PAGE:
Cistercian monks lived, prayed, and worked there for nearly 800 years. In 1931, California newspaper magnate William Randolph Hearst purchased the abbey and shipped it to Northern California. Hearst’s plans were never realized, and the stones fell into disrepair. In 1994, the Trappist-Cistercian monks of the Abbey of New Clairvaux, gained possession of the ruins, and began the painstaking stone-by-stone reconstruction of the historic abbey.

We just can't escape Hearst, can we now?

(Great for Sierra Nevada for helping to underwrite crazy-ass visionary ventures. Love the Optima in the logotype, too. Totally works as a gothic-modern bridge!)

h/t Beervana

Saturday, August 7, 2010

Homer Davenport's Bad Date at a Hop Dance

Homer Davenport is Silverton's beloved son. He drew cartoons for the Oregonian, for newspapers in San Francisco, and finally worked for William Randolph Hearst and the New York Evening Journal. At his most popular, he might have been America's most famous and influential political cartoonist. (Walt Curtis on Davenport is also worth reading.)

The Homer Davenport Days are this weekend, of course, and in his 1910 book of nostalgia, The Country Boy, Davenport writes about Silverton society, dating out of his league and "mittens," and a hop dance.
Silverton was a queer place socially; while the townspeople were all of one set and there was little of any class hatred, the rich seldom ever lined up against the poor. Still if a very beautiful girl came to town all of us boys sort of took it for granted that she would turn us down if we did attempt to take her any place, so no one ever gave her the opportunity. We admired her and talked of her at the swimming holes and in fact everywhere we met, but no one ever had the nerve to approach her with a proposal of a "Let's go to the dance, or the party or the entertainment."....

One day a beauty came to town to live with some relatives of hers and she pined some time before she was taken out. I had been out with a threshing crew and we moved on Saturday to a field near Silverton. The grain wasn't quite ripe enough, so we laid off until Monday, —an awful thing to do in that country, giving us all a chance to go into town and get shaved up and a clean shirt.

When I got to town there was a lot of talk on the streets of a dance to be given that night at Egan's Hop House out in the Waldo Hills. After my shave and hair cut it seemed a shame to waste it; that I'd better go to the dance. My financial condition wasn't what you'd call very steady. It rose and fell so that I couldn't hardly count on one girl regularly. But I started in where the most affection lay and met a rather sad refusal. She said she would rather have gone with me, but I hadn't asked her since early spring, so she was engaged to go with Harvey Allen, the leader of the Trombone Band. I went down the line and got eleven "mittens," as we called them. Then I even asked one young girl that had never been to a dance alone, and her mother refused, although the girl was willing, so I called it off and went up home and helped around the barn.

I waved my hat to the girls I had asked as they drove by in livery rigs with other fellows, and after they had all gotten out of town I went down to the post-office to get the Silverton Appeal, when who should I meet but the belle of the village, as we all called her among ourselves. She smiled and I smiled, and she asked why I wasn't at the dance. "What dance?" said I. "At Egan's Hop H o u s e," she replied. "Everybody in town has gone but us." When she said the word "us" I saw a new world....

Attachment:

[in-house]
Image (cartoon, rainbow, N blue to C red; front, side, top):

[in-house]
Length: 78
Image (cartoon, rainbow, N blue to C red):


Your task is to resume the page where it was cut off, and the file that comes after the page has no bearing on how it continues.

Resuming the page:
Father had compelled me some weeks before to clip my game chickens' wings so they couldn't roost on the back of the buggy seat. In my joy at leaving the barn I had forgotten that my chickens did roost on the hind axle of the buggy, and as we drove out we took the hen roost also, so that naturally when we went over a rock or rough place with the hind wheel, we dislodged all or most of the chickens and they would catch by their necks and flutter back on the axle; thus they frightened the horse that never even shied before at anything; so when I said to the handsomest girl in Silverton, "It's chickens roosting on the hind axle," she exclaimed, "No wonder; I never saw you before to-night without a chicken, and there they are really here with us now." I thought we had lost some, as there were some missing. I didn't know what to do as the dance would soon be over. We couldn't leave them beside the road for fear of skunks or minks. She thought we ought to leave the chickens, but I didn't, as one of our best old hens was in the party and it seemed a crime to expose them to next to certain death.

If it had been daylight and I could have seen the beautiful girl perhaps I would have done differently, but we turned around and started back home slowly, as the tired hens breathed heavily on the back axle. We were still sitting as far apart as the buggy seat would let us; had no outward signs of getting closer, in fact we were getting farther apart. She thought young men shouldn't think so much of chickens, while I thought they were next to human. We planned another ride without chickens, but it was the passing of my short reign and I didn't know it until it was too late. That opportunity that the late John J. Ingalls wrote of was there, but not to wait; and when it went it came no more. We got home, but I had hurt her feelings for chickens, and we parted without much friction. I stayed up until the other folks got home from the dance. They were all more or less happy, especially those on the back seats. I told them I had been riding around all night with the belle of Silverton, but all they did was to laugh and especially the girls that had given me the mitten.